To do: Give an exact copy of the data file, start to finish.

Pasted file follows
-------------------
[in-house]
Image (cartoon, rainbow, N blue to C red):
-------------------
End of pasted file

[in-house]
Image (cartoon, rainbow, N blue to C red):